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Puzzle towers may offer a new Sybil resistance technique worth exploring for permissionless environments, especially during network bootstrapping. They offer a glimpse into what a different game for starting a diverse BFT network might look like. However, without modifying the type of work done in a puzzle tower, the advantages given to current PoW miners would make the proposal a non-starter. Alternatives to traditional PoW will be discussed in the following article.
Blockchain systems can leverage Byzantine Fault Tolerant (BFT) protocols to provide high throughput (transactions per second) and faster finalities. Currently, proof of authority (PoA) and proof of stake (PoS) are widely used Sybil resistance mechanisms for BFT networks. While PoA systems lack credible neutrality (due to permissioned access to the validator set being managed by centralized membership providers), PoS systems are permissionless with open access to the network. PoS systems have a well-defined parameter space and protocol designers are tasked with tuning parameters to match a community's requirements and culture.
Without going into depth, it's worthwhile to summarize a few challenges of PoS networks.
How does a PoS blockchain genesis happen? If you strictly apply the logic of PoS, a stake must pre-exist before the network. Without getting into the notorious regulatory issues associated with token issuance, the manner in which the initial distribution occurs has the potential to threaten the credibility of a neutral smart contract execution environment.
Allocation of stake always has bias (which could contribute positively or negatively to the community's goals). BFT networks also have biases: High validator node requirements and upper bounds on quorum sizes often tend towards monopoly. And that's before considering the compounding of interest on stake, which likely only exacerbates the bias.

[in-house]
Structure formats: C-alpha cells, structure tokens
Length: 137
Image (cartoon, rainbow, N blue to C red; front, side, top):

A public good smart contract system must aim to be neutral. It's difficult to imagine neutrality without diversity. This raises the question: How can one ensure diversity among stakeholders in the network?
The predominant issue with achieving a plural and diverse set of stakeholders is the technical overhead necessary to participate in a new blockchain. Most platforms' stakes are typically reserved for technologists and venture capitalists.The general public and many institutions are left out at worst, or merely second thoughts at best. Networks requiring high capital commitments, i.e., you must buy a stake, make those networks inaccessible to many. In some limited situations we’ve seen institutions "loaned" the necessary stake, or developers granted stake (by a centralized promoter) as part of a testnet program, but such mitigations tend to be marginal in impact and fall short of open, equitable access.
With this context on PoS and industry practices, let us revisit BFT networks and see if we can address these challenges.